20% of grocery store milk has traces of bird flu, suggesting wider outbreak

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20% of grocery store milk has traces of bird flu, suggesting wider outbreak

The Food and Drug Administration reported late Thursday that about 20 percent of retail milk samples from around the country tested positive for genetic fragments of the bird flu, aka highly pathogenic avian influenza (HPAI) virus H5N1. While retail milk is still considered to be safe, the finding suggests that the spread of the virus in cows is more extensive than is currently known.

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The FDA used a test called quantitative polymerase chain reaction (qPCR), which can only detect the presence of genetic fragments. In pasteurized retail milk, it is highly likely that those genetic snippets are merely remnants of virus particles destroyed during pasteurization. The FDA is currently conducting additional testing using egg inoculation tests, a gold standard for detecting a live virus, to confirm the effectiveness of pasteurization. Meanwhile, the director of the National Institute of Allergy and Infectious Diseases, Jeanne Marrazzo, told reporters Wednesday that tests at the agency’s federal labs so far did not identify live virus from any of its sampling. Additionally, several previous studies have found that pasteurization of eggs—which is done at a lower temperature than it is for milk—was effective at destroying H5N1.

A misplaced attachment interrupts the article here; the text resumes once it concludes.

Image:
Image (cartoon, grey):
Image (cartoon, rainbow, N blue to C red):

While experts are largely unconcerned with the safety of commercial milk, the potential for wide, unrecognized spread of bird flu in dairy herds is alarming. To date, the US Department of Agriculture has only confirmed infections in 33 herds in eight states. The FDA acknowledged that of its positive samples, “a greater proportion of positive results [are] coming from milk in areas with infected herds.” But with tens of thousands of dairy herds in the US, the finding suggests that infections are being missed. It does not necessarily suggest that 20 percent of all cows are affected, since milk is pooled for commercial distribution. But 33 herds alone are unlikely to explain the high prevalence.

Last week, The New York Times reported that the one dairy herd that tested positive for bird flu in North Carolina did not show any symptoms of the infection. The possibility of asymptomatic spread of the virus among cows will make containment and monitoring far more difficult—and could explain why infections may be easily missed. On Wednesday, the USDA issued a federal order requiring dairy cattle to have a negative H5N1 test before being moved across state lines.

For now, the risk to the public is still considered low by the Centers for Disease Control and Prevention. But the more the bird flu virus spreads among mammals—and mammals with close contact with humans—the more opportunities it has to evolve to jump to and among people, experts warn.

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